Diebold CEO steps down; issues weak guidance

NORTH CANTON, Ohio (AP) -- Shares of Diebold tumbled Thursday after its chief executive stepped down and the automated teller machine company issued a weak forecast.

After 17 years at the company, the last seven as CEO, Thomas Swidarski is leaving immediately. He is forfeiting his seat on the board.

Diebold said that while progress has been made over the past several years at Diebold, the board decided a change in leadership was needed.

"The company's execution of its strategies has not been what we want or expect and we have underperformed against the opportunities in the marketplace," said Executive Chairman Henry Wallace. "This reflects the need for deeper, faster operational transformation."

Wallace, a former chief financial officer at Ford Motor Co., was appointed executive chairman on Monday. He had been on the board since 2003 and will oversee the company until a new CEO is hired.

George Mayes Jr., executive vice president of global operations, was promoted to a new position of chief operating officer and will be responsible for daily operations.

The company expects a loss from continuing operations of 12 cents per share for its fourth quarter on revenue of $840 million. After adjusting for $22 million in buyout expenses and $18 million in the resolution of a foreign corrupt practices investigation, it expects to earn 45 cents per share from continuing operations for the period.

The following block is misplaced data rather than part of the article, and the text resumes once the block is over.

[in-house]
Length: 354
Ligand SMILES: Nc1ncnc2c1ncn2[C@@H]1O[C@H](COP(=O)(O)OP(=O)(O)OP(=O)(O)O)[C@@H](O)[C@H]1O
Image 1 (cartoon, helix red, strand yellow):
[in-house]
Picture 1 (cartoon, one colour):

In 2010, Diebold agreed to pay a $25 million civil penalty to settle charges in relation to the investigation.

The company's forecast is below market expectations. Analysts polled by FactSet were expecting the company to earn 64 cents per share on revenue of $846.1 million.

The company said the lower-than-expected earnings were due to a slowdown in the U.S. regional bank business and its related service work, as well as higher costs due in part to an insurance charge tied to Hurricane Sandy.

Diebold also said that it expects to earn $1.28 per share for the full year from continuing operations, or $2.07 on an adjusted basis; analysts had forecast $2.27. It anticipates revenue growth of approximately 6 percent for the year. That calculates to revenue of roughly $3 billion, meeting analyst forecasts.

Diebold said it is encouraged by the backlog in its Asia Pacific and U.S. national account segments and anticipated gains in Brazil. But it expects the U.S. regional bank business will suffer during the year. However, given the limited visibility it has on the U.S. regional bank market and the uncertain final outcome of the anticipated orders in Brazil, it has a wide range of earnings expectations.

The company said it is taking a cautious outlook for 2013. It expects its revenue will be flat and its adjusted earnings will be flat to down moderately by comparison to 2012.

Diebold, based in North Canton, Ohio, has struggled with unstable results from its overseas business. The company has cut jobs and recently suspended plans to build new corporate headquarters in order to focus on growing its business.

Shares of Diebold Inc. fell nearly 9 percent by midday Thursday, or $2.89 to $29.77 per share. Its stock is nearing the bottom of its 52-week trading range of $27.66 to $42.93.